Bitcoin Betting and Crypto Taxation in the EU and Around the World
A Stake.com review shows that quite a number of Bitcoin betters are using their games and books to make a decent amount of winnings — but what about taxes on such things? If you’re a Bitcoin better, do you need to worry about taxes?
Like most things regarding taxes and financial transactions, it all depends on the country you live in. It may even come down to which city and local government you live in.
This article will give a general overview of taxes on cryptocurrency gains in each country. It’ll give you a jumping board for further research.
The European Union
The EU is one of the more complicated places, so we’ll start there.
The reason it’s complicated is that the EU has left Bitcoin taxation on winnings from gambling, trading, and transacting up to each individual country within the union.
There are a few countries of note, however, that — if you’re an E.U. citizen — you could consider moving to if their BTC tax treatment will make a significant impact on your life.
Three that sound out the most are:
This small country on the westernmost coast of the EU has some of the most attractive Bitcoin tax policies in the EU
“In 2016, the Portuguese Tax Authority (PTA) ruled that all crypto transactions will be free from capital gains and income tax.”
It doesn’t get much clearer than that.
The country has become known for its blockchain-friendly stance. After all, it’s home to the crypto foundations of Ethereum, Tezos, and more.
That’s because, “in Switzerland, the exchange of cryptocurrencies is considered the same as traditional payment transactions. According to the Swiss Federal Tax Administration, all profits and losses from crypto transactions made by individuals are exempt from tax reporting.”
Granted, profits made by businesses in the crypto sphere are taxed under Swiss regulations. However, that doesn’t apply to people making money from winnings from crypto gambling sites.
Another country for simple regulations on your Bitcoin winnings is the home of the Oktoberfest (a good enough reason to live there all by itself).
In Germany, “Bitcoin has been considered a type of private money since 2013. Although Bitcoin is subject to capital gains tax of 25% in Germany, such a tax is levied only if the profits on Bitcoin are acquired within one year after the receipt of Bitcoin.”
So if you won crypto, traded it, or another type of activity and then held it for more than a year afterward, you might not be subject to taxes. Though, perhaps the taxes on winnings from gambling might be a different subject — but it’s difficult to find specific information on gambling and cryptocurrency payouts.
Other EU Countries
There are 28 countries in the EU, each with its own treatment.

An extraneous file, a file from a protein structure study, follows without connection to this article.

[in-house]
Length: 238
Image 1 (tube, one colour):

For example, in Poland, not only would you need to pay a 19% capital gains tax, but you would also need to pay an extra 4% “solidarity tax” if your crypto income is over one million PLN (Polish fiat).
Clearly, there are certain countries to consider living in over others if you are an EU citizen or considering becoming one.
Countries Around the World
If the EU is not a place you want to consider living in, then there are plenty of other beautiful Bitcoin tax havens in the world to consider.
In Japan, “Bitcoin is officially recognized as a payment method. The sale of Bitcoin is exempted from consumption tax as of 1st of July 2017. Virtual currencies are treated as “asset-like values” that “can be used in making payments and can be transferred digitally”. Thus, in Japan, profits gained from Bitcoin trading are considered to be business income and treated accordingly for income and capital gains tax purposes.”
The land down under is a bit more complicated, but its sunshine and outdoor adventures are legendary.
In Australia, the gain and sale of Bitcoin (probably through betting as well) is subject to laws surrounding barter arrangements.
It’s a tough concept to wrap your head around because the Australian tax authorities don’t consider Bitcoin as either money or foreign currency. Instead, BTC is an asset for capital gains purposes, and businesses (like gambling establishments) must consider payments in and out of Bitcoin as needed to be declared with their value in AUD as ordinary income.
Thankfully, Bitcoin transactions for personal purposes are exempt. Then again, those transactions must meet two conditions,
(1) The Bitcoin must have been used as payment for goods and services for personal use
(2) the value of the transaction is lower than AUD 10.000.
The United States of America
The U.S. Internal Revenue Service (IRS) is the central tax authority in the US. They have established rules and laws treating Bitcoin as property. So your Bitcoin betting winnings are not a currency, but property, and should be reported as such.
If you win $10,000, for example, in the US and then the value of BTC rises so by the time you cash out, you take $20,000 out — then unfortunately your winnings will incur capital gains tax.
So if you’re a big player in online bitcoin gambling sites, it’s worth considering how much winnings you cash out, when, and where — or else your winnings may be diminished quite a bit by the taxes of the country you live in.